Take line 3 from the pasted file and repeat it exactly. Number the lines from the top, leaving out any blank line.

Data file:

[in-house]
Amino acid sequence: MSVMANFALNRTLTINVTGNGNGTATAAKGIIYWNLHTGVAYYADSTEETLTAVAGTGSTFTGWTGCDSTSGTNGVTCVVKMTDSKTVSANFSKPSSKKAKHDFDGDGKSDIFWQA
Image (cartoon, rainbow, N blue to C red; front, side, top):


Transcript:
Image (cartoon, rainbow, N blue to C red; front, side, top):